1        To seek Council’s approval to spend up to $9,505.00, excluding GST, unbudgeted expenditure on mechanical cleaning of the Limehills stormwater ditches.

2        The budgeted expenditure to mechanically clean the stormwater ditches is $11,695.00 for the 16/17 financial year leaving a shortfall of $9,505.00.

3        The Limehills/Centre Bush Community Engineer requested price quotes based on the current Limehills stormwater system map held by Council.  The range of received quotes to date are from $19,580.00 to $21,200.00, excluding GST.

4        The current budget to undertake the above work is $11,695.00.

5        The Board has requested approval to spend up to $9,505.00, excluding GST, to be funded from the Board’s stormwater reserve to start works.

6        Mechanical cleaning of the ditches was budgeted to occur in the 14/15 financial year and it was not undertaken.  $11,695.00 was carried forward into the 15/16 financial year but the stormwater ditches were sprayed instead of being mechanically cleaned. 

7        Pricing in the open market for this work to be undertaken has not occurred for a number of years and because of this, the budget now does not reflect the actual costs of completing the mechanical cleaning.

 

Recommendation

That the Council:

a)         Receives the report titled “Approval of Unbudgeted Expenditure by the Limehills/Centre Bush Community Development Area Subcommittee for Limehills Stormwater Maintenance Project” dated 16 February 2017.

b)         Determines that this matter or decision be recognised as not significant in terms of Section 76 of the Local Government Act 2002.

c)         Determines that it has complied with the decision-making provisions of the Local Government Act 2002 to the extent necessary in relation to this decision; and in accordance with Section 79 of the Act determines that it does not require further information, further assessment of options or further analysis of costs and benefits or advantages and disadvantages prior to making a decision on this matter.

d)         Approves the request of the Limehills/Centre Bush Community Development Area Subcommittee for approval of unbudgeted expenditure of up to $9,505.00, excluding GST, to be funded from the Board’s stormwater reserve to progress mechanical cleaning of the stormwater ditches.

 

Content

Background

8        The stormwater ditches were programmed to be mechanically cleaned in 2014 but the work was not undertaken as the ditch was sprayed instead.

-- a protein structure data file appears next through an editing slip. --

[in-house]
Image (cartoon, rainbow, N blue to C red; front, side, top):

9        The last known mechanical cleaning undertaken was in 2008.

10      Spraying of the ditches has been undertaken every year and approximately every five years mechanical cleaning is programmed to be undertaken.

11      Approval is sought to spend this unbudgeted amount of up to $9,505.00 excluding GST, to be funded from the Board’s stormwater reserve account.

Issues

12      Pricing in the open market has not been sought for a number of years.

13      Unbudgeted expenditure which this report is seeking to resolve.

Factors to Consider

Legal and Statutory Requirements

14     None identified at this stage.

Costs and Funding

15      The Limehills/Centre Bush CDA Subcommittee’s stormwater reserve currently has a budget of $54,338.00, with forecasted budget of $59,135.00 at end of financial year (30 June 2017). 

Policy Implications

16      None identified at this stage.

Analysis

Options Considered

17      Either approve or not approve the unbudgeted expenditure.

Analysis of Options

Option 1 - Approve expenditure.

Advantages

Disadvantages

·        Stormwater reserves are utilised as to not require new or increase to budgets and rates.

·        Stormwater system is maintained to the level required for optimal functionality.

·        None identified.

Option 2 - Do not approve expenditure.

Advantages

Disadvantages

·        None identified.

·        Stormwater system will not function to its optimal requirements.

·        Restricted flow may result in flooding of properties in the township.

 

Assessment of Significance

18      This request and required works are to ensure the optimal functioning of the existing stormwater system and to mitigate the risk of any potential flooding in the township.

Recommended Option

19      Approve expenditure.

Next Steps

20      If expenditure is approved, arrangement of works to be awarded to approved contractor.

 

Attachments

There are no attachments for this report.  

  


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23 February 2017

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Financial Report for the month ended 31 December 2016

Record No:        R/17/1/1619

Author:                 Robert Tweedie, Management Accountant

Approved by:       Anne Robson, Chief Financial Officer

 

  Decision                              Recommendation                         Information

 

  

 

Background

1.         This report outlines the financial results for the six months to 31 December 2016 or 50% of the financial year.

2.         The Monthly and YTD Actual results, in the attached Monthly Financial Summary Report, are compared to the Full Year Budget (Projection) in the 2016/2017 Annual Plan Budget.
The projection values include any carried forward items approved by Council in August 2016 and will include any changes as a result of forecasting that Council approved. The 2016/2017 Annual Plan budget is shown in the Monthly Financial Summary Report as the Full Year Budget (Budget).